Guy Rolfe and Alex Johnson
The term ‘qual-quant’ was born when online communities and discussion tools started being used.
They afforded researchers the kind of scale for conversational research not practical in a face-to-face context (albeit not necessarily creating the same environment). Their use straddles the quant and qual disciplines, but a common challenge lies with the analysis of the data. For some, there has been a realisation of the limitations of automated analysis, while those instinctively preferring the human touch have been limited by capacity.
Meanwhile, behavioural data is the new phenomenon presenting tantalising opportunities for qualitative. Like the online-discussion opportunity, its growth is driven by technology and leads to more data. In both cases, the increase in scale is due to the fact that less interviewer time is required for collection (no time at all in the case of behavioural data). Online discussions can therefore involve more participants and run for longer than a higher-touch alternative. With behavioural data, the most profound contributor to scale is the sheer volume and variety of data that can be collected. As with online discussions, the challenge lies with analysis.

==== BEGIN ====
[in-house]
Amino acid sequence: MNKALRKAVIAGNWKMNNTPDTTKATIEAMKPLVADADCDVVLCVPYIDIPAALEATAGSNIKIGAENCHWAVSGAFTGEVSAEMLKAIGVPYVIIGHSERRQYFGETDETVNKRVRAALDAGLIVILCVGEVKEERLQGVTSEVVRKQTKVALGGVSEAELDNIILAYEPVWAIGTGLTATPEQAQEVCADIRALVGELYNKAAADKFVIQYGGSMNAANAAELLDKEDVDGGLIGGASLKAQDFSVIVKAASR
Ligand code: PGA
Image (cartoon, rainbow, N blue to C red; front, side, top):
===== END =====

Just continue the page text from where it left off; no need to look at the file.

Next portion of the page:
We won’t dwell on whether this new incarnation of qual-quant satisfies its original definition, except to note that, if the quant discipline is defined primarily according to sample size, the application of behavioural data to qual might not strictly fall under it, even if the techniques required to make sense of the data are more akin to those used in quant.
The quantified self
The ‘quantified self’ is a term increasingly read in the press; it refers to the desire of consumers to measure their own behaviours or metrics (such as weight, diet, exercise and travel patterns) and the technology and new services that allow them to do so. There are many mobile apps for recording such data, either manually (as in the case of diet) or automatically (as in the case of heart rate). They can monitor progress and set targets or limits. Facebook’s timeline offers a quantification of sorts, and Google’s location history allows account-holders to see where they have been in recent weeks.
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